Laparoscopic anterior 90º partial fundoplication for gastroesophageal reflux is associated with a lower incidence of postoperative dysphagia and other adverse effects compared with laparoscopic Nissen fundoplication.
A multicenter, prospective, double-blind, randomized controlled trial.
Nine university teaching hospitals in 6 major cities in Australia and New Zealand.
One hundred twelve patients with proven gastroesophageal reflux disease presenting for laparoscopic fundoplication were randomized to undergo either a Nissen (52 patients) or an anterior 90º partial procedure (60 patients). Patients with esophageal motility disorders, patients requiring a concurrent abdominal procedure, and patients who had undergone previous antireflux surgery were excluded from this study.
Laparoscopic Nissen fundoplication with division of the short gastric vessels or laparoscopic anterior 90º partial fundoplication.
Main Outcome Measures
Independent assessment of dysphagia, heartburn, and overall satisfaction 1, 3, and 6 months after surgery using multiple clinical grading systems. Objective measurement of esophageal manometric parameters, esophageal acid exposure, and endoscopic assessment.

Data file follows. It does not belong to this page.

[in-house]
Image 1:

Postoperative dysphagia, and wind-related adverse effects were less common after a laparoscopic anterior 90º partial fundoplication. Relief of heartburn was better following laparoscopic Nissen fundoplication. Overall satisfaction was better after anterior 90º partial fundoplication. Lower esophageal sphincter pressure, acid exposure, and endoscopy findings were similar for both procedures.
At the 6-month follow-up, laparoscopic anterior 90º partial fundoplication is followed by fewer adverse effects than laparoscopic Nissen fundoplication with full fundal mobilization, and it achieves a higher rate of satisfaction with the overall outcome. However, this is offset to some extent by a greater likelihood of recurrent gastroesophageal reflux symptoms.